Is tDCS Safe? – Neuroelectrics.com

This comes to us via the Neuroelectrics.com blog. I’m very excited to see Neuroelectrics on the scene. I first noticed their device Starstim (pictured),  popping up in news around Roi Cohen Kadish’s ongoing tDCS trials at his Oxford lab (see). I believe Neuroelectrics is a Spanish company. What’s especially exciting to me is that they also make an EEG device called Enobio and are working on the ability to map brain activity with EEG while undergoing tDCS. Think about that! Live, in-the-moment feedback on exactly what effect your tDCS is having.

More than 100 studies have been performed using tDCS in healthy controls and in patient populations, and no serious side effects have occurred for a review, see Nitsche and others 2008. Slight itching under the electrode, headache, fatigue, and nausea have been described in a minority of cases in a series of more than 550 subjects Poreisz and others 2007. Detailed studies have been performed to assess the safety of tDCS. These have shown that there was no evidence of neuronal damage as assessed by serum neuron-specific enolase after application of a 1 mA anodal current for 13 minutes Nitsche and Paulus 2001; Nitsche, Nitsche, and others 2003 or MRI measures of edema using contrast-enhanced and diffusion-weighted MRI measures after application of a 1 mA current for 13 minutes anodal or 9 minutes cathodal; Nitsche, Niehaus, and others 2004 […] In addition, a recent study was performed in rats using an epicranial electrode montage designed to be similar to that used in tDCS Liebetanz and others 2009. This demonstrated that brain lesions occurred only at current densities greater than 1429 mA/cm2 applied for durations longer than 10 minutes. In standard tDCS protocols in humans, a current density of approximately 0.05 mA/cm2 is produced.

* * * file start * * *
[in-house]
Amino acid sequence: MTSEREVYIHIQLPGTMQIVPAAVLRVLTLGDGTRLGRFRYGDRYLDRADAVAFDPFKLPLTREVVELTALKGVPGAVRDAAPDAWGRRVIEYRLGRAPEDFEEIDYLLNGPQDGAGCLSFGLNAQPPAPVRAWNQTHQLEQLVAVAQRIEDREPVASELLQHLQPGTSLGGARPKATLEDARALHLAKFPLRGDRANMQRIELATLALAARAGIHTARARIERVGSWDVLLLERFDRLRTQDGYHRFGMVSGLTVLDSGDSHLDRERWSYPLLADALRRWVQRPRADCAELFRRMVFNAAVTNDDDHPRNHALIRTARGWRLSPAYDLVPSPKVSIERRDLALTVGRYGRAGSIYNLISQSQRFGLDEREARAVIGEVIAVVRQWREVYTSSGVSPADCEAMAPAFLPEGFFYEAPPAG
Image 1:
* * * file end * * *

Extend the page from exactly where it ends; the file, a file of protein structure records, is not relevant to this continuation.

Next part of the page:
More about the Neuroelectrics Enobio EEG device.

via Is tDCS Safe?.

Dr. Vince Clark University of New Mexico

[Update 10/19] Dr. Clark’s TEDxUNM just in. tDCS starts around 6:45

Dr. Clark is a pioneer of tDCS research. He recently spoke at TEDxUNM (TED talk at the University of New Mexico). I’m eagerly awaiting a video of his talk and will post it as soon as it becomes available. In the intro to Dr. Clark’s talk I found this amazing story.

You really need to read the full story. It outlines Dr. Clark’s journey to diagnose a rare disease that affected his 9 year old boy. tDCS is one of 3 treatment modalities he discussed in his talk…

Clark is already using tDCS to help treat drug addicts and reduce symp­toms in peo­ple with Parkinson’s dis­ease. As a part of this research, Clark is exam­in­ing the abil­ity to use tDCS to treat chronic pain, which he learned about while try­ing to find ways to reduce the amount of pain Ryan suf­fered.  He’s been col­lab­o­rat­ing with other research groups that are hav­ing suc­cess using this pro­ce­dure to reduce pain.